The Political Thought of Herbert Marcuse
MARCUSE HAS caught up with his fol- lowing. An Essay on Liberation* is a love-letter written to the young, and to the blacks too. But there was a time when Marcuse was above that sort of thing, his intellectualism proudly impervious to movements whose salient traits are, when viewed dogmatically, good looks and good intentions. He had a strict conception of what counted as serious. And the young and the blacks, if they were mentioned at all, were not treated as though they were serious or could matter very much. Indeed, Marcuse suggested that the young, anyway, were really working for the system by working against it. In the last two or three years, however, Marcuse’s line has been changing. The change is systematized in An Essay on Liberation. The book is thus a revision of his general theory. At the same time, because of other things it contains, it can be seen as a provisional completion of his general theory. Altogether, its publication provides an occasion for looking at some main elements in the body of his work.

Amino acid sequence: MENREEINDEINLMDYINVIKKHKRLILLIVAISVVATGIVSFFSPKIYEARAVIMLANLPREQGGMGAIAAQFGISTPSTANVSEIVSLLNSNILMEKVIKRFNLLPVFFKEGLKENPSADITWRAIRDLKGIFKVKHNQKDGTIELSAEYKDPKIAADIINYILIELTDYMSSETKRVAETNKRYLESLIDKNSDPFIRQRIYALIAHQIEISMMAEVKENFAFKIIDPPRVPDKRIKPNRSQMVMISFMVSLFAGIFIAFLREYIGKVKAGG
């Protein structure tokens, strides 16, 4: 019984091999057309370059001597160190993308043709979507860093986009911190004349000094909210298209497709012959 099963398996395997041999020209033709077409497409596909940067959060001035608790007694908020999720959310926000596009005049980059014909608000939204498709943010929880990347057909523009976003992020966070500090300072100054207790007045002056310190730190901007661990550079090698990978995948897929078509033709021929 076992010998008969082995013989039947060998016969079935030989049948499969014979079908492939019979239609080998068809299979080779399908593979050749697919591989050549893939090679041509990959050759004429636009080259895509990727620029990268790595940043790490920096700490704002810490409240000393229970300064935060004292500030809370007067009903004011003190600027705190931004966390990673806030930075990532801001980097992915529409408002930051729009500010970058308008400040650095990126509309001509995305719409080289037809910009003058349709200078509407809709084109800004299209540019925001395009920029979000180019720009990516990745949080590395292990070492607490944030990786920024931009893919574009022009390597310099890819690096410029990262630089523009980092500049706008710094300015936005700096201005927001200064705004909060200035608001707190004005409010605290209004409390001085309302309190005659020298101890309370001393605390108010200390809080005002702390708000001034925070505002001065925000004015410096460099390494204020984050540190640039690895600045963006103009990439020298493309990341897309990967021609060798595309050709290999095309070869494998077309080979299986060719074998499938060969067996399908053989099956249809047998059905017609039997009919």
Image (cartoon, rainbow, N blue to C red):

About the Author